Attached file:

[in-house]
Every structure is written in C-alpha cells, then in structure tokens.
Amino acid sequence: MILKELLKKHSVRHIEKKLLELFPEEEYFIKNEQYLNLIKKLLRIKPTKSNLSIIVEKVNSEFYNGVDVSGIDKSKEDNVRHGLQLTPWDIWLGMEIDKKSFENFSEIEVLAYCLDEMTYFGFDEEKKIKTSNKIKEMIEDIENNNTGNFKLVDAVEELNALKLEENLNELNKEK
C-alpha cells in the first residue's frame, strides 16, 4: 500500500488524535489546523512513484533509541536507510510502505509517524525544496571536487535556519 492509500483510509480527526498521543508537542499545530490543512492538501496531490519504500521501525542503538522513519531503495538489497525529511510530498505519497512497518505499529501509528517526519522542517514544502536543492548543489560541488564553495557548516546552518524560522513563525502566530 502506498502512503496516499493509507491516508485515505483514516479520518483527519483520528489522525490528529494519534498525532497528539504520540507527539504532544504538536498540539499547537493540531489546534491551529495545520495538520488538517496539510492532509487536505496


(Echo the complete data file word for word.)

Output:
[in-house]
Every structure is written in C-alpha cells, then in structure tokens.
Amino acid sequence: MILKELLKKHSVRHIEKKLLELFPEEEYFIKNEQYLNLIKKLLRIKPTKSNLSIIVEKVNSEFYNGVDVSGIDKSKEDNVRHGLQLTPWDIWLGMEIDKKSFENFSEIEVLAYCLDEMTYFGFDEEKKIKTSNKIKEMIEDIENNNTGNFKLVDAVEELNALKLEENLNELNKEK
C-alpha cells in the first residue's frame, strides 16, 4: 500500500488524535489546523512513484533509541536507510510502505509517524525544496571536487535556519 492509500483510509480527526498521543508537542499545530490543512492538501496531490519504500521501525542503538522513519531503495538489497525529511510530498505519497512497518505499529501509528517526519522542517514544502536543492548543489560541488564553495557548516546552518524560522513563525502566530 502506498502512503496516499493509507491516508485515505483514516479520518483527519483520528489522525490528529494519534498525532497528539504520540507527539504532544504538536498540539499547537493540531489546534491551529495545520495538520488538517496539510492532509487536505496